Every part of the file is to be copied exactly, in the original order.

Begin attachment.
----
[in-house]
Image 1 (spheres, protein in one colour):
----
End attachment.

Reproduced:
[in-house]
Image 1 (spheres, protein in one colour):